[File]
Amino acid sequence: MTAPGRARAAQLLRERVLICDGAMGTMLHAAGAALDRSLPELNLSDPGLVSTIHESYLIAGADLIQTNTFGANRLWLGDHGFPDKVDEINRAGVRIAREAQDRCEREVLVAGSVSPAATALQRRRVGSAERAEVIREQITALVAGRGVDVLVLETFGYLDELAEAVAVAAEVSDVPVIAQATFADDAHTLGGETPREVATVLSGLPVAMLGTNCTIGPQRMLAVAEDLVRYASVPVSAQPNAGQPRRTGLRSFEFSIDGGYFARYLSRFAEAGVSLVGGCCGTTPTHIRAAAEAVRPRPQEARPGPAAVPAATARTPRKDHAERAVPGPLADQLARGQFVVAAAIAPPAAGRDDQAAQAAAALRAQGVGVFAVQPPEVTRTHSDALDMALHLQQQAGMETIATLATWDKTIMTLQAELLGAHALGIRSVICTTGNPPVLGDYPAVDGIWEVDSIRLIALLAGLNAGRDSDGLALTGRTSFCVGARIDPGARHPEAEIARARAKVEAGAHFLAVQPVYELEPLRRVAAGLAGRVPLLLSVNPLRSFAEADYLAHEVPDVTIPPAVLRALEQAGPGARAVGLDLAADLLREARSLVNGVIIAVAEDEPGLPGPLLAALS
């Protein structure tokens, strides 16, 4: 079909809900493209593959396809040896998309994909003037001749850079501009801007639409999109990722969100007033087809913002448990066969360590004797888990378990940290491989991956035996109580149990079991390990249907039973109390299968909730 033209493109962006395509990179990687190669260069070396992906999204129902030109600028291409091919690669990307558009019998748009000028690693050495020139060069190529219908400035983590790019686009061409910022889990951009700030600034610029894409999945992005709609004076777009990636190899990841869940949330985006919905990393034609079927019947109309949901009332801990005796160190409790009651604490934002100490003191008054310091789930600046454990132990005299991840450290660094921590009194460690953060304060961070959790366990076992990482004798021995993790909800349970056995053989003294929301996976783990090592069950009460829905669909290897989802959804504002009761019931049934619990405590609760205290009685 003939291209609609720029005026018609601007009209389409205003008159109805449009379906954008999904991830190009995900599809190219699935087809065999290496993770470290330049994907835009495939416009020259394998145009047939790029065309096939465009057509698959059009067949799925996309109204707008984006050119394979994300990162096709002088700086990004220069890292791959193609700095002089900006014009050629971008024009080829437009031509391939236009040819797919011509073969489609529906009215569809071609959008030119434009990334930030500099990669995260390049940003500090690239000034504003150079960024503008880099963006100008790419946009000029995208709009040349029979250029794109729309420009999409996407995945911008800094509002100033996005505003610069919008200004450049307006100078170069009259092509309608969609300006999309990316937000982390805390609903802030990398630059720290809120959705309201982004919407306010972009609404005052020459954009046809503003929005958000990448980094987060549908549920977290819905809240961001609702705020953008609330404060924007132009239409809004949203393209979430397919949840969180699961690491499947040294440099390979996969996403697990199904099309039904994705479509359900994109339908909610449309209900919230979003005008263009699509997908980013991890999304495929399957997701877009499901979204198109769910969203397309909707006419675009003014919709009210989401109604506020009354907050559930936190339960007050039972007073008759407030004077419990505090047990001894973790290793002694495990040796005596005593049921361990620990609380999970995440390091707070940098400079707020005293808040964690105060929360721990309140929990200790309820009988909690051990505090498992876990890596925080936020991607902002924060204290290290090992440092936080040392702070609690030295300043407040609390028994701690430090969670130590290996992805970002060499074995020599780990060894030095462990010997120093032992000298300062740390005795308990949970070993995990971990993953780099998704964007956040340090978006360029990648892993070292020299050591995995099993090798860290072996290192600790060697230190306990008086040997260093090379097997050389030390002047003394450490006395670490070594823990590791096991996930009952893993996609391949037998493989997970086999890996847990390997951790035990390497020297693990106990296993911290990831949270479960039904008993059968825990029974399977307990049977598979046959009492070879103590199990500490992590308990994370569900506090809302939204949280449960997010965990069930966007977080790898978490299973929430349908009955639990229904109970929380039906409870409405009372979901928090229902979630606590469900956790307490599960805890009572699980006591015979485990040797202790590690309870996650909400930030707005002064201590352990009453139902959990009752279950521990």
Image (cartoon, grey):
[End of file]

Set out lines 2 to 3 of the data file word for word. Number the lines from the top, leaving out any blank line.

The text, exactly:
């Protein structure tokens, strides 16, 4: 079909809900493209593959396809040896998309994909003037001749850079501009801007639409999109990722969100007033087809913002448990066969360590004797888990378990940290491989991956035996109580149990079991390990249907039973109390299968909730 033209493109962006395509990179990687190669260069070396992906999204129902030109600028291409091919690669990307558009019998748009000028690693050495020139060069190529219908400035983590790019686009061409910022889990951009700030600034610029894409999945992005709609004076777009990636190899990841869940949330985006919905990393034609079927019947109309949901009332801990005796160190409790009651604490934002100490003191008054310091789930600046454990132990005299991840450290660094921590009194460690953060304060961070959790366990076992990482004798021995993790909800349970056995053989003294929301996976783990090592069950009460829905669909290897989802959804504002009761019931049934619990405590609760205290009685 003939291209609609720029005026018609601007009209389409205003008159109805449009379906954008999904991830190009995900599809190219699935087809065999290496993770470290330049994907835009495939416009020259394998145009047939790029065309096939465009057509698959059009067949799925996309109204707008984006050119394979994300990162096709002088700086990004220069890292791959193609700095002089900006014009050629971008024009080829437009031509391939236009040819797919011509073969489609529906009215569809071609959008030119434009990334930030500099990669995260390049940003500090690239000034504003150079960024503008880099963006100008790419946009000029995208709009040349029979250029794109729309420009999409996407995945911008800094509002100033996005505003610069919008200004450049307006100078170069009259092509309608969609300006999309990316937000982390805390609903802030990398630059720290809120959705309201982004919407306010972009609404005052020459954009046809503003929005958000990448980094987060549908549920977290819905809240961001609702705020953008609330404060924007132009239409809004949203393209979430397919949840969180699961690491499947040294440099390979996969996403697990199904099309039904994705479509359900994109339908909610449309209900919230979003005008263009699509997908980013991890999304495929399957997701877009499901979204198109769910969203397309909707006419675009003014919709009210989401109604506020009354907050559930936190339960007050039972007073008759407030004077419990505090047990001894973790290793002694495990040796005596005593049921361990620990609380999970995440390091707070940098400079707020005293808040964690105060929360721990309140929990200790309820009988909690051990505090498992876990890596925080936020991607902002924060204290290290090992440092936080040392702070609690030295300043407040609390028994701690430090969670130590290996992805970002060499074995020599780990060894030095462990010997120093032992000298300062740390005795308990949970070993995990971990993953780099998704964007956040340090978006360029990648892993070292020299050591995995099993090798860290072996290192600790060697230190306990008086040997260093090379097997050389030390002047003394450490006395670490070594823990590791096991996930009952893993996609391949037998493989997970086999890996847990390997951790035990390497020297693990106990296993911290990831949270479960039904008993059968825990029974399977307990049977598979046959009492070879103590199990500490992590308990994370569900506090809302939204949280449960997010965990069930966007977080790898978490299973929430349908009955639990229904109970929380039906409870409405009372979901928090229902979630606590469900956790307490599960805890009572699980006591015979485990040797202790590690309870996650909400930030707005002064201590352990009453139902959990009752279950521990």
Image (cartoon, grey):